Given a second chance with the Giants, Rivers is hoping some adjustments he made to his offseason training regimen helps keep him on the field this year.
Q: Obviously, your career has not gone the way you probably would have liked it to go, thanks to the injuries. When it’s one after another, after another, what have you done to make sure you just don’t throw up your hands and say, ‘That’s it, I quit.’?
A: It’s tough. At times you do go through that but you have to remember that guys are counting on you and depending on you so you can’t go ‘Woe, is me.’ There are a lot of guys around you who try to pick you up and who make you feel needed around here. So you have to realize that it’s bigger than you and just keep on going. I mean if you look at it, there are bigger issues in life to worry about so if you keep that in perspective and realize that you’re going to get better, you’ll develop that mental toughness to overcome most anything.
Q: I believe you once said you were planning to cut down on the amount of time you spend working out because you theorized that perhaps that was leading to your injury issue. Have you done that and has it helped?
A: Yeah, I think last season due to the previous season when I was hurt, I got a little over zealous and just worked out 2-3 times a day. I felt good , and I felt like I earned the right to win, but I also think I worked harder and not smarter. So this offseason, I worked a little smarter in preparing for the season.
Q: What exactly did you change in your training?
A: I didn’t do two or three workout a day. I mean on one day I might go workout on the beach in the morning, then hit the weight room in the afternoon and yoga at night. That’s a lot of work on my body. So this time I didn’t do more than two workouts a day, and if I did two, I’d do weights and yoga as opposed to doing two heavy cardio or conditioning programs. So that’s how I cut back.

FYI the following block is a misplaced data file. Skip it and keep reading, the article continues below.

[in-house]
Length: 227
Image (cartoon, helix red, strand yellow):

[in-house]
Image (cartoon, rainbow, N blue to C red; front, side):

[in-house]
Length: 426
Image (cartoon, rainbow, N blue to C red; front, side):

Q: Did you adjust your diet as well since you didn’t need as much in the way of calories to keep yourself going?
A: I kind of had the same diet as I did last year because last year I had the food delivery service, so I didn’t change that. I just cut back on the physical workload because it was a lot on the muscles.
Q: There are three positions up for grabs this summer at linebacker. With such a wide-open , anything-can-happen scenario in front of you, how have you gone about focusing on what’s ahead?
A: I’ve kind of been taking it day by day. I’ve sort of taken like an approach I take in college – take it one day at a time, go to sleep, get up and then work your butt off the next day. So I’ve been doing that and focusing on my assignments instead of trying to spread myself too thin. I’ve amped up the studying part of my assignments so that I can have a better u=understanding of what I’m called to do as well as what everyone else around me is called to do.
Q: Communication is key in football, no matter what the position. When you have a situation though like what you have at linebacker now where you have no idea where you’re going to line up or who’s going to be next to you, how much does that put you behind the eight ball as far as the nonverbal communication aspect of things?
A: We’re all in the same room and (linebackers coach Jim Herrmann) Herm does a great job of clarifying everything so that everyone, as far as assignments go, has a great understanding. So it doesn’t matter who’s out there – you have faith that they’re going to communicate with you and be where they’re supposed to be.
Q: I understand that, but it’s rare that a play goes down the way it’s drawn on the chalkboard. There are adjustments that need to be made. So with that said, what about the nonverbal communications aspect of it and being able to anticipate what to expect from the guys around you?
A: I don’t think so. If someone makes a mistake , we talk about it. I think Coach Herm does a great job of getting everyone on the same page. Obviously everyone plays things a little differently because it’s football, but at the end of the end of the day, it all comes together.
Q: You’ve mostly been an inside guy your career. Here you’ve been mostly working on the outside. Has it been an easier transition for you since coming over here?
A: It’s not bad. I think the job and the responsibilities are a little less per say (on the outside) but I think where it balances out is due to the fact that you are working with bigger guys you don’t have anyone lined up over you to protect you, so it’s a little more physical of a position.